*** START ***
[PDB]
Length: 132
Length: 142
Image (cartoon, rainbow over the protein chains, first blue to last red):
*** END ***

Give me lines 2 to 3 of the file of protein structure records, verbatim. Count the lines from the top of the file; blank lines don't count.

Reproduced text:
Length: 132
Length: 142